I thought Ruth did a fair job of comforting Pip, at least until she started banging on about college again. I’m learning a lot of parenting techniques from Ruth, though I’m mainly filing them in the ‘how not to do it’ section. I also learned a lot from David, who, when confronted with his post-Jude daughter, decided to focus entirely on a cow he was grooming. Grooming as in brushing it and tying ribbons on its tail, rather than preparing it for an illegal relationship. At least, I think so. Their skirting-around conversation about forelocks and rosettes was meant to be a metaphor for everything being okay between the two of them, but it just made them seem completely suppressed and weird. Which is accurate enough, on reflection.

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The Archers: A riot of ennui

And cut! Grandma, can you tell us how you did that pattern on the top? Wake up, Grandma.

Everyone’s got their favourite. I’ve got loads. My most recent is from just the other day. It’s the one where Josh films Jill making steak and kidney pie. He might just as well have painted a wall and set the camera to record it for fifteen minutes. If I tell you that the only vaguely interesting thing that happened was Kenton referring to the pie as ‘snake and pygmy’, it’ll give you some idea.

Boring episodes of the Archers. Lord knows, there’s an embarrassment of riches to choose from. All which feature the flower and produce show, for instance; and there’s so many of those, is it any wonder that Bert Fry has taken to phoning in his surprise at being awarded a rosette for the biggest marrow? All which centre around harvest festival, Easter or other Anglican red-letter day, and their counterpart, any based round a service in St Stephens, can be added to the teetering mound of mundanity. And naturally, any one in which Tom reveals that his sausages are organic. The presence of Tom alone counteracts any other possible excitement. He neutralises heists, earthquakes and Lilian’s giggle at a stroke.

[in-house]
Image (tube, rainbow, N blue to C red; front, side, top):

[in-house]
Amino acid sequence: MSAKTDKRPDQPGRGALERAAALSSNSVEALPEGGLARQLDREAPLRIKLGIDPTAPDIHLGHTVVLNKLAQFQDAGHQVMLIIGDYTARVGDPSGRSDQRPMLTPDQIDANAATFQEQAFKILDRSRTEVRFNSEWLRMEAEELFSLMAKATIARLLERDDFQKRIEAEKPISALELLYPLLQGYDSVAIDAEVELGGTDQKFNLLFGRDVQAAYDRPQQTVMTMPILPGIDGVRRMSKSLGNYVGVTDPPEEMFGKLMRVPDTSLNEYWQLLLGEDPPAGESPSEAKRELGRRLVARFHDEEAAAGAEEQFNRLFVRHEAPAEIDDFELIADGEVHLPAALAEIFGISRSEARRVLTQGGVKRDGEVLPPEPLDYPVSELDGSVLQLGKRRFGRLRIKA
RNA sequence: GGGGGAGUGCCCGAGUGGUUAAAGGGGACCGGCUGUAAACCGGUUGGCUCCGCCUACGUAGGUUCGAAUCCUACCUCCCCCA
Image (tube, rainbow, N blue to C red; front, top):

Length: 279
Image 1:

Fanoflinda recalls fondly a particularly soporific episode in which Phil (god rest his soul) and Jill were showing holiday snaps. ‘Look at Jill in that hat!’ the poor actors were forced to cry. You could hear the sounds of their careers being flushed down the toilet – or you would have, if the flushing loo sound effect hadn’t been deemed too interesting.

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The Archers: Enough advice, already

Uh, please can I have a choice of mother?

I picked up the radio and shook it, unable to believe my ears. Surely that wasn’t Kate giving Helen advice about having babies, was it? Wasn’t that a bit like Hugh Hefner guiding Peter Stringfellow in the ways of monogamy? Or, here’s a good one, like Emma giving Pip advice about choosing the right man… hang on a minute!

Yes, it was Implausible Advice Week on the Archers. Kate started it, by lecturing Helen on what a huge commitment it is to have children. You could hear a collective Radio 4 gasp of outrage. I bow to no man in my dislike of Helen, but even I had to applaud when she pointed out that Kate had abandoned her child and gone to live on the other side of the world.

But did this setback stop Kate? Did it heck as like. Just a couple of days later, she was dishing out advice to Alice about not settling down with Christopher. ‘You’re not going to marry him, are you?’ she sneered. (I bloody hope she is: Jenny at that wedding would be a sight worth seeing. Er, hearing.) Since Kate slunk in from Jo’berg, we’ve been dodging large, cumbersome, Bartleby-sized hints that all is not well with the Kate-Lucas ménage, Lucas presumably having finally woken from his trance. So this, too, was a piece of wisdom that Kate was not in a position to give. Especially as her first choice of baby-father was Roy, who’s got only two settings: boring as all get out, or committing acts of racism. Yes, Roy, I do have a long memory, don’t I?